C6H6: 29

parts. The large latent heat of freezing of liquid water imposes a requirement for large transport of heat from bodies of water before the temperature can drop very much below 0CC, yet another type of thermostat.

A further unusual property of water is that it has a maximum density at around 4°C and expands upon freezing, again because of hydrogen bonds. There are more of these bonds in ice than in liquid water, creating a relatively open crystal structure in the solid phase. When ice melts (requiring the addition of a large amount of latent heat of freezing or fusion, Lf) some of the hydrogen bonds are broken, and a tighter packing of H20 molecule results in the denser liquid.

The high latent heat of evaporation or vaporization - due to the hydrogen bonds causing attraction of water molecules to each other - also causes molecules at the surface of water to have cohesive forces. This results in water having anomalously high surface tension. In turn, this property plays a very strong role in the process of nucleation of cloud droplets, as one of the key factors involved in determining cloud droplet sizes and growth and coalescence rates. The latter is a significant factor in delivery of water to the continents by rain.

Very short wavelengths (A < 186 nm) of UV radiation are required to dissociate the very strong O-H in water (bond strength = 456 kj/ mol). The large concentrations of 02 and 03 in air absorb incoming solar UV radiation high in the atmosphere, preventing much of this photodissociation. The strong bonds and the small size and mass of H20 also give it a very complex infrared absorption spectrum that extends to shorter wavelengths (i.e. higher frequencies, v, and higher energies, hv) than many other simple molecules (C02 for example). One absorption feature, the 6.3 /<m band, is extremely strong, as can be seen in Fig. 6-2. The result of this strong IR absorption, the large amount of water vapor in the atmosphere, and the proximity of the 6.3 /;m absorption band of water vapor to the peak of the Earth's black-body emission is that water vapor is by far the dominant greenhouse gas.

We can see the importance of water vapor as a greenhouse gas by comparing the greenhouse effect on Earth, a relatively humid planet, with

Fig. 6-2 Comparison of infrared absorbance of a vertical column of atmospheric C02 and H20 vapor. The nearly total absorbance by HzO between 5 and 7 /¡m, nearly coinciding with the peak of the wavelength-dependent emission of the surface, make H20 a much more effective greenhouse gas. Liquid water (not shown) in clouds adds still more absorbance.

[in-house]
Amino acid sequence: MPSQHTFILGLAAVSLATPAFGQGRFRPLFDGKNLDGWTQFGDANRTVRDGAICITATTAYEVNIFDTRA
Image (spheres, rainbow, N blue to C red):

Fig. 6-2 Comparison of infrared absorbance of a vertical column of atmospheric C02 and H20 vapor. The nearly total absorbance by HzO between 5 and 7 /¡m, nearly coinciding with the peak of the wavelength-dependent emission of the surface, make H20 a much more effective greenhouse gas. Liquid water (not shown) in clouds adds still more absorbance.

that on Mars, which is arid. Mars has an atmosphere that is ca. 95% C02 (by mass, about 50 times more than on Earth). The greenhouse effect of Martian C02 causes a temperature increase of only a few degrees. In contrast, the total natural greenhouse effect on Earth is ca. 33 K, the majority of which is due to water vapor and water clouds. Nonetheless, as will be seen in Chapter 17, the anthropogenic greenhouse effect due to enhanced C02, CH4, N20 etc. cannot be dismissed, as changes in the Earth's average temperature of even 1 K are significant.

Besides these special physical properties, hydrogen-bonded liquid water also has unique solvent and solution properties. One feature is high proton (H+) mobility due to the ability of individual hydrogen nuclei to jump from one water molecule to the next. Recalling that at temperatures of about 300 K, the molar concentration in pure water of H30+ ions is ca. 10 ~ 7 M, the "extra" proton can come from either of two water molecules. This freedom of H+ to transfer from one to an adjacent "parent" molecule allows relatively high electrical conductivity. A proton added at one point in an aqueous solution causes a domino effect, because the initiating proton has only a short distance to travel to cause one to pop out somewhere else.